Each attraction features a succinct description, a photograph, directions for getting there, cost if any, and tips on how to best enjoy your visit. This book belongs in the glove compartment of anyone planning a trip to the U.P.

Secret Upper Peninsula: A Guide to the Weird, Wonderful, and Obscure by Kath Usitalo. Reedy Press, 2019, $20.95 pb.

Point North: Discover Hidden Campgrounds, Natural Wonders, and Waterways of the Upper Peninsula
by Mikel B. Classen

Yes, yet another travel guide to the Upper Peninsula, and if you're tempted to dismiss it and say enough already, you would be wrong. This is both a travel guide to 40 uniquely beautiful and scenic wonders or historically significant destinations north of Big Mac and it also doubles as a tribute to the indisputable beauty, splendor, and unique history of the U.P.

Unlike a typical travel guide, a two- to four-page essay is devoted to each site. The author's love for the U.P. is obvious on every page. Whether a museum, a state park, or a 17,000-acre wilderness area Classen's descriptions are vibrant, enticing, and thorough. Color photographs, most of which were taken by the author, complement the essays. 

The book contains almost as many surprises as the "Secret Upper Peninsula." The author credits the Au Train River as the best kayaking river in the U.P. In an essay on a state forest campground located on Lake Michigan near Naubinway he not only fully describes the little-used campground and the beautiful beach but also mentions that just offshore is the Lake Michigan Water Trail which I Googled because I had never heard of it. It seems the trail is still under development in the four states surrounding Lake Michigan and when completed it will be the longest freshwater water trail in the world. 

I was particularly taken with the book's scenic descriptions, history, and activities to be found at the 17,000-acre McCormick Wilderness Tract, the three square miles of the little-used Donnelley Wilderness Tract located in the foothills of the Huron Mtns, and the Grand Canyon of the U.P. the Sturgeon River Gorge Wilderness. It is another book that belongs in the car of any Troll (those of us living below the Mackinac Bridge) vacationing in the U.P. Better yet the book should be read by anyone planning a trip to the Upper Peninsula. It is sure to influence their itinerary.

Even if you are never going to the U.P. it is still well worth reading just to gain an appreciation of what this great state and the Upper Peninsula have to offer its citizens in the way of outdoor adventures and unique natural wonders. This sparkling collection of essays makes for great reading. There is no arguing with the author's claim that the essays and the research that went into them were a"labor of love."

Points North: Discover Hidden Campgrounds, Natural Wonders, and Waterways of the Upper Peninsula by Mikel B. Classen. Modern History Press, 2020, $27.95 pb.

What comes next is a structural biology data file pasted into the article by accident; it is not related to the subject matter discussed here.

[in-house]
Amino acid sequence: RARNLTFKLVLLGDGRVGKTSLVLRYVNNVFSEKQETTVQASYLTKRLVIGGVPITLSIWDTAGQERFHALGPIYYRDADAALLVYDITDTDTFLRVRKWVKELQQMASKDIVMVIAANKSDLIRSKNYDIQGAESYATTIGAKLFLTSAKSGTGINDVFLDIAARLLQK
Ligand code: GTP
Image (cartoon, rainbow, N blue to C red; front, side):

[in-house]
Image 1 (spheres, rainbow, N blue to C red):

Deja Noir: A Detroit Mystery
by Robert E. Bailey

Retired cop Ray Kerze is a private eye with a rent-free office in an abandoned Detroit office building in which someone forgot to turn off the electricity and heat. It is all the office he can afford because what little money Ray makes supports a serious drinking problem. Business looks to be picking up when an attractive young woman finds her way to Kerzie's office and wants to hire him for a simple job. The woman wants Kerze to kill her. She will pay him with all the money she has in the world which amounts to $11.60.

And so begins one of the most original, captivating and entertaining mysteries I've read in some time. The woman's simple request leads to unpaid loan sharks, right-wing white supremacists looking for trouble, a crooked Detroit councilwoman, a corpse who comes back to life in the city morgue, and a plot with more twists and turns than a colander of al dente fettuccine. 

Adding to the fun is that every chapter is narrated by a different character. So the point of view changes with every chapter and each new narrator takes the story in a new direction. The author does a great job of giving each character a distinctive voice and point of view. The dialogue is crisp and often funny and Bailey writes sentences I found myself underlining, such as, "His skin looked like a sheet of crumpled parchment and his neck rattled around his shirt collar like a soda straw in a bucket."

The different narrators may have readers wondering at times just where the plot is going but it all gets resolved in the conclusion and had me hoping for a sequel until I read the acknowledgments at the back of the book. It was written by the author's wife who thanked countless people and doctors whose encouragement and care helped Bailey complete the book even as he was dying from a Glioblastoma brain tumor. Which makes this book a living testament to this fine author's courage and tenacity, and makes it a certainty I will be searching libraries for his three earlier mysteries. 
Deja Noir: A Detroit Mystery by Robert E. Bailey. Ignition Books, 2019, $13.99

Any of the books reviewed in this blog may be purchased by clicking your mouse on the book's cover which will take you to Amazon where you can usually purchase the book at a discount. By using this blog as a portal to Amazon and purchasing any product helps support Michigan in Books.

October 1, 2020 Post # 59

Quote of the Day: "The Sault canal system, which links Lake Superior and Lake Huron at the twin towns of Sault Sainte Marie, in Michiga...